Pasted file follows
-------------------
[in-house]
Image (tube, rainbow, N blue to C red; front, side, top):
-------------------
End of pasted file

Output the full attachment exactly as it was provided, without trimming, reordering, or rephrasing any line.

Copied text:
[in-house]
Image (tube, rainbow, N blue to C red; front, side, top):